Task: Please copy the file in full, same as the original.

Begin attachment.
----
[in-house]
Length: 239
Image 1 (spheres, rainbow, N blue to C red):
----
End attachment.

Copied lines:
[in-house]
Length: 239
Image 1 (spheres, rainbow, N blue to C red):